EGI-VSR, LLC v. Coderch Mitjans

Filing 407

Order On Objections to Magistrate Judge Order, granting 341 Motion to Amend/Correct ; Adopting 401 Report and Recommendations on 341 Motion to Amend/Correct, filed by EGI-VSR, LLC, 401 Report and Recommendations. Certificate of Appealability: No Ruling. Signed by Judge Robert N. Scola, Jr on 3/30/2021. See attached document for full details. (pcs)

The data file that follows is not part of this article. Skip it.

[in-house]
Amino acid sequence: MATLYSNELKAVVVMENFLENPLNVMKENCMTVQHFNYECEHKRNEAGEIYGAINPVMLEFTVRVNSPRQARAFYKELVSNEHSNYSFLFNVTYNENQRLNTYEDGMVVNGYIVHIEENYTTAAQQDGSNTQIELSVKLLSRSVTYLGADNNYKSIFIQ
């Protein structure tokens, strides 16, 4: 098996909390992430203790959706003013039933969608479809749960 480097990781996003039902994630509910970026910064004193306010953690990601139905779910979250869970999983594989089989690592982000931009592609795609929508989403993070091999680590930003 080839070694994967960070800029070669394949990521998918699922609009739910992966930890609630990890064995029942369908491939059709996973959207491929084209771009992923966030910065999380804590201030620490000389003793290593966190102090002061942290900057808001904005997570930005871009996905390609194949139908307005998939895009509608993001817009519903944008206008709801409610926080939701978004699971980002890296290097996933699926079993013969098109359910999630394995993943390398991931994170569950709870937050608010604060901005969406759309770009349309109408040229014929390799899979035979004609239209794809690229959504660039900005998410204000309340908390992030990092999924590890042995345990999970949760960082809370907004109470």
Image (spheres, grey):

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United States District Court for the Southern District of Florida EGI-VSR, LLC, Petitioner, v. Juan Carlos Celestino Coderch Mitjans, Respondent. ) ) ) Civil Action No. 15-20098-Civ-Scola ) ) ) Order On Objections to Magistrate Judge Order On August 7, 2020, the Eleventh Circuit issued its mandate, remanding this matter to the Court “with the following instructions: (1) to recalculate the purchase price of the shares using the January 13, 2012, conversion date; and (2) to enter an order requiring both Mr. Coderch and EGI to perform their obligations under Section 10 of the Shareholders’ Agreement by paying the purchase price for the relevant shares, after proper calculation and conversation, and tendering those shares, respectively.” (ECF No. 340.) The Court’s May 31, 2018 order (ECF No. 41), however, was affirmed in all other respects. Indeed, in its order, the Eleventh Circuit stated, “while the District Court properly found that the Arbitration Award should be confirmed . . . the Court committed two errors in enforcing that award.” (ECF No. 340, at 26.) First, the Circuit found that the Court used the wrong conversion date and second that the Court failed to require EGI to tender its shares upon payment, as was required under Section 10 of the Shareholders’ Agreement. (ECF No. 340, at 26-27.) The Circuit’s mandate was aimed at curing these two deficiencies only as the Circuit found no error in the Court’s determination that the arbitration award should be enforced in EGI’s favor. The day the Eleventh Circuit issued its mandate, the Plaintiff moved the Court to amend its judgment in light of the Eleventh Circuit’s decision. (ECF No. 341.) The Court referred that motion, together with a variety of discovery motions, for adjudication by United States Magistrate Judge Alicia M. OtazoReyes. (ECF No. 355.) Judge Otazo-Reyes issued her report and recommendation on the Plaintiffs’ motion for amended judgment on March 1, 2021. (ECF No. 401.) On March 15, 2021, both parties filed objections (ECF Nos. 402, 403 1, 404), which the Court will now address in turn. Respondent Juan Coderch filed his objections on March 15, 2021 with limited redactions. On March 18, 2021, upon agreement of the parties, Mr. Coderch filed an unredacted version of his objections. The Court will refer only to the unredacted version of the filing, ECF No. 404. 1 1. Legal Standard In order to challenge the findings and recommendations of a magistrate judge, “a party must file written objections which shall specifically identify the portions of the proposed findings and recommendation to which objection is made and the specific basis for objection.” Macort v. Prem, Inc., 208 F. App’x 781, 783 (11th Cir. 2006) (quoting Heath v. Jones, 863 F.2d 815, 822 (11th Cir.1989)) (alterations omitted). The objections must also present supporting legal authority. Once a district court receives “objections meeting the specificity requirement set out above,” it must “make a de novo determination of those portions of the report to which objection is made and may accept, reject, or modify in whole or in part, the findings or recommendations made by the magistrate judge.” Macort, 208 F. App’x at 783-84 (quoting Heath, 863 F.2d at 822) (alterations omitted). To the extent a party fails to object to parts of the magistrate judge’s report, those portions are reviewed for clear error. Id. at 784 (quoting Johnson v. Zema Sys. Corp., 170 F.3d 734, 739 (7th Cir.1999)). A court, in its discretion, need not consider arguments that were not, in the first instance, presented to the magistrate judge. Williams v. McNeil, 557 F.3d 1287, 1291 (11th Cir. 2009). 2. Analysis A. Mandate Rule As the Court detailed in its prior order affirming certain of Magistrate Judge Otazo-Reyes’s discovery orders, under the mandate rule, the Court’s role is circumscribed. (ECF No. 391, at 2.) “The mandate rule requires a district court to strictly comply with the terms of a circuit court’s opinion when a case is remanded” and “may not alter, amend, or examine the mandate, or give any further relief, but must enter an order in strict compliance with the mandate.” Rhiner v. Wexford Health Sources, Inc., No. 15-cv-14332, 2018 WL 10076759, at *2 (S.D. Fla. April 23, 2018) (White, Mag. J.), report and recommendation adopted, 2018 WL 10076760 (May 31, 2018) (Rosenberg, J.). When the circuit court issues a limited mandate, the “trial court is restricted in the range of issues it may consider . . . [r]uling on matters outside the scope of a limited mandate constitutes an abuse of discretion.” United States v. Irey, 458 F. App’x 854, 855-56 (11th Cir. 2012). Application of the mandate rule serves the important purpose of creating “efficiency, finality and obedience within the judicial system.” United States v. Stein, 964 F.3d 1313, 1324 (11th Cir. 2020). As stated above, the Eleventh Circuit remanded this matter to the Court with specific instructions. Courts are permitted to deviate from a circuit court’s limited mandate under specific enumerated circumstances. These include, “where: (1) a subsequent trial produces substantially different evidence, (2) controlling authority has since made a contrary decision of law applicable to that issue, or (3) the prior decision was clearly erroneous and would work manifest injustice.” Moulds v. Bullard, 452 F. App’x 851, 853 (11th Cir. 2011) (internal quotations omitted). The clearly erroneous standard is met when the “legal error is beyond the scope of reasonable debate.” Id. (internal quotations omitted). With this backdrop in mind, the Court now turns to the parties’ objections. B. Petitioner’s Objections The Petitioner raises three objections to the Magistrate Judge’s Report. First, EGI states that the Report fails to clarify it is entitled to post-judgment interest; second EGI states the Report should have found EGI is entitled to post-award, prejudgment interest; and finally, EGI states the Report should have set forth sanctions for the Respondent’s potential non-compliance with the Court’s forthcoming amended final judgment. Turning to the first argument raised by EGI, which is less of an objection and more of a request for clarification, the Court agrees with EGI that to the extent Magistrate Judge Otazo-Reyes’s Report fails to clearly state that EGI is entitled to post-judgment interest, the Court agrees that EGI is entitled to such relief. At a hearing on EGI’s motion, Magistrate Judge Otazo-Reyes confirmed as much, stating “post-judgment interest . . . [t]hat is clear and basically required.” (ECF No. 400, at 45:20-22.) The Court ordered post-judgment interest be granted to EGI in its June 4, 2018 order entering final judgment in favor of EGI. In that order, the Court stated “EGI-VSR shall be entitled to postjudgment interest to be calculated in accordance with 28 U.S.C. § 1961.” (ECF No. 43.) As this aspect of the Court’s earlier order was left unaffected by the Circuit’s mandate, the Court grants EGI’s request to clarify the Report to make clear that EGI is entitled to collect post-judgment interest. Second, the Court agrees with the Report that EGI’s request for postaward, prejudgment interest falls outside the Eleventh Circuit’s mandate to the Court. While EGI states in its briefing that post-award, prejudgment interest is justified because of the delay EGI has experienced in recovering its award, the Court notes that EGI was aware of Mr. Coderch’s ability to appeal the Court’s order confirming the award, but failed to previously request post-award, prejudgment interest when the Court issued its final judgment initially in this matter. Indeed, a review of EGI’s initial motion to confirm award merely sought “post-award interest,” failing to make any request for post-award, prejudgment interest. (ECF No. 1, at 10.) To the extent EGI asks the Court to exercise its equitable powers to grant post-award, prejudgment interest as one of the “tools in its chest to deal with a party’s failure to comply with the Court’s own orders” (ECF No. 340, at 26) the Court finds it is improper for the Court to entertain such a request at this juncture. Indeed, as contemplated by the Eleventh Circuit, if either party fails to comply with the Court’s order, consideration of pre-judgment interest or other sanctions may be appropriate, provided either party moves for such relief from the Court outside the scope of EGI’s motion to enter an amended final judgment in a manner consistent with the Eleventh Circuit’s mandate. Should Mr. Codrech fail to comply with the Court’s order, the Court will certainly entertain a request for prejudgment interest or other sanctions, as appropriate. For similar reasons, the Court also declines EGI’s request to include sanctions in the amended judgment. The Court agrees with Magistrate Judge Otazo-Reyes’s Report, which found it is premature for the Court to enter sanctions, which may be considered if and when either party fails to comply with the terms of the Court’s amended judgment. The Court therefore finds unconvincing EGI’s second and third objections to the Report. C. Respondent’s Objections The Court next turns to the Respondent’s objections to the Magistrate Judge’s Report. First, the Respondent states the Report fails to account for the shares the Hubers and EGI agreed to release from the put right obligation, giving a windfall to EGI; second, the Report denied Mr. Coderch the ability to raise his public policy defense in violation of the law of the case doctrine and mandate rule; and third, Mr. Coderch disagrees with the manner in which the purchase price was calculated. Mr. Coderch also disagrees with the proposed final judgment, attached as an exhibit to the Report. He argues the provision allowing EGI to maintain all shareholder rights and powers while the VSR shares are held in the Court’s registry is beyond the Eleventh Circuit’s mandate, and second, takes issue with the judgment being titled an amended final judgment. Turning first to the Respondent’s third objection the Court finds the Magistrate Judge’s report cogent and compelling on this issue, and affirms and adopts it in all respects. Mr. Coderch challenged the manner in which the purchase price was calculated before the Eleventh Circuit, and the Eleventh Circuit noted in its opinion that the formula utilized “track[ed] precisely the language of Section 10 of the Shareholders’ Agreement.” (ECF No. 340, at 19.) The Eleventh Circuit also noted that EGI “performed the calculations laid out in the Arbitration Award” and filed a “detailed calculation and a proposed judgment that listed the final purchase price” for the District Court to consider when entering its order on EGI’s motion to confirm. While the purchase price formula relied upon by the Court tracked the parties’ agreement “precisely,” it failed to utilize the correct conversion date and therefore, per the Circuit’s mandate, must be corrected in this respect only. Consistent with the Circuit’s decision, the Court will perform the purchase price calculations using the same formula as was initially used by the Court and reviewed by the Circuit, but will use January 13, 2012, rather than January 23, 2012 as the conversion date. Mr. Coderch’s first and second objections center around a deal that was entered into between EGI and Richard Leslie Huber and Alexander Leslie Huber, non-parties that the arbitration award had found breached the shareholders’ agreement with EGI, together with Mr. Coderch. As the Report summarized, EGI attempted to enforce the award against the Hubers in the Southern District of New York, but the petition was dismissed as time-barred. Thereafter, while Mr. Coderch’s appeal on the Court’s final judgment was pending, the Hubers and EGI entered into a confidential settlement agreement, pursuant to which the Hubers agreed to pay EGI $750,000.00 in exchange for the resolution of EGI’s claims against them. The agreement also stated that none of EGI’s shares would be transferred back to the Hubers. With respect to the Huber settlement, Mr. Coderch argues that the Report gives EGI a windfall by forcing the Respondent to purchase the shares that were released by way of EGI’s settlement with the Hubers. The Court again finds Judge Otazo-Reyes’s report cogent and compelling. As Judge Otazo-Reyes noted, and as was pointed out by the Eleventh Circuit, “the obligations and liabilities of the controlling shareholders under the Shareholders’ Agreement are joint and several.” (See ECF No. 340, at 7; ECF No. 401, at 6.) The award also states, Mr. Coderch is “jointly and severally liable for the obligations arising” from the parties’ agreement. (ECF No. 1-5, at 55.) Accordingly, Magistrate Judge Reyes found, and the Court agrees, that Mr. Coderch’s argument “is nothing more than a misguided attempt to confuse the issues before the Court.” (ECF NO. 401, at 6.) The settlement between EGI and the Hubers resulted in Magistrate Judge Otazo-Reyes recommending a $750,000.00 credit be applied to the purchase price due from Mr. Coderch to EGI, for shares he has always been jointly and severally obligated to purchase. As a result, Mr. Coderch will end up better off, because he will receive all the of the shares that he was obligated to purchase under the parties’ agreement, for which he was always jointly and severally liable, albeit at a $750,000.00 discount. While EGI states it was not required to offer this credit and did so only in an attempt to “avoid further dispute” and finally settle this almost “decade-long” disagreement, (ECF No. 406, at 5), the Court agrees with the Report’s recommendation that the Court offset any payment due to EGI by Mr. Coderch by the amount of the Huber settlement. Finally, the Court turns to Mr. Coderch’s second objection to the Report, that the Court denied the Respondent the ability to raise his public policy defense. The Eleventh Circuit previously agreed with the Court’s decision that the arbitration award at issue should be confirmed, albeit with the two corrections noted above. It is anathema to the idea of finality and the mandate rule that a litigant can seek to collaterally attack a Court’s prior decision where that decision is on limited remand and an exception to the mandate rule does not apply. Indeed, the Court previously determined that the Respondent’s attempts to twist the mandate rule in order to attack the arbitration award anew is without basis. (See ECF No. 391, at 2 (“While the Defendant argues that ‘new evidence’ provides an exception to the mandate rule, the Defendant misconstrues that exception . . . there has been no subsequent trial that produced substantially different evidence sufficient for the Court to deviate from the Eleventh Circuit’s mandate.”).) Even so, as EGI points out, Mr. Coderch’s arguments as to collusion between EGI and the Hubers is not new. In the arbitration award, for instance, the panel wrote “EGI is not an ally of the Hubers; there is no joint action agreement or any other type of alliance with Messrs. Huber.” (ECF No. 1-5, at 55.) While Mr. Coderch stated “everything indicates that that is not the case, and that due to mutual interest they have agreed to act together against the interests of . . . Mr. Coderch” the award rejects that claim. (ECF No. 1-5, at 69.) Mr. Coderch appears to simply try a new angle on the same argument he raised before, an argument that was rejected. With respect to Mr. Coderch’s objections to the proposed final judgment, the Court also finds these objections unavailing. The Eleventh Circuit required the Court to amend its judgment so EGI would be required to tender its shares to Mr. Coderch upon his payment to EGI. The Eleventh Circuit suggested that one way to facilitate the transfer would be for both parties to tender their performance to the Clerk of the Court, rather than directly to each other. (ECF No. 340, at 26 n. 14.) It is not inconsistent with the Eleventh Circuit’s mandate to clarify that EGI will retain its shareholder rights and powers over its shares while they are held by the Court. For instance, if the Court declined the Eleventh Circuit’s suggestion, and simply provided a date certain for the parties to exchange the shares for payment, EGI would retain the same rights over its shares up through the date of performance. What the Eleventh Circuit’s suggestion does is alleviate concerns that one party ends up with a windfall if the other reneges on its obligations to perform under the Court’s order. The Court agrees that the approach suggested by the Eleventh Circuit is best suited to putting to rest “this never-ending game of chicken concerning who will perform first and risk ending up with nothing at all.” (ECF No. 340, at 26 n. 14.) Finally, the Court also disagrees with Mr. Coderch’s objection to the Court’s forthcoming judgment being titled “Amended Final Judgment.” (ECF No. 401, at 12.) As stated above, and irrespective of how many times Mr. Coderch says otherwise, the Eleventh Circuit stated the District Court “properly found the Arbitration Award should be confirmed” albeit with two corrections, one requiring a different conversion date to be used to calculate the purchase price, and the second requiring EGI to tender its shares to Mr. Coderch upon his payment to EGI. As the Eleventh Circuit’s mandate limited the Court to completing these two tasks, the Court finds it entirely proper to call the judgment an “Amended Final Judgment.” 3. Conclusion For the reasons set forth above, Magistrate Judge Otazo-Reyes’s ruling is affirmed and adopted in its entirety. (ECF No. 401.) The Court clarifies, however, that EGI is entitled to post-judgment interest, consistent with its earlier final judgment in this matter. The Court grants EGI’s motion for entry of amended final judgment upon issuance of the Eleventh Circuit’s mandate (ECF No. 341) and will enter its amended final judgment by separate order. Done and ordered at Miami, Florida, on March 30, 2021. ________________________________ Robert N. Scola, Jr. United States District Judge